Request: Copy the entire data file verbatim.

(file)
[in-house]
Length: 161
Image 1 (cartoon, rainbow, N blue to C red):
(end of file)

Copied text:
[in-house]
Length: 161
Image 1 (cartoon, rainbow, N blue to C red):